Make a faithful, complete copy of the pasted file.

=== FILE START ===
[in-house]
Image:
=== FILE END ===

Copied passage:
[in-house]
Image: